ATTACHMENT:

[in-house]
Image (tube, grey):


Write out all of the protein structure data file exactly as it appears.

[in-house]
Image (tube, grey):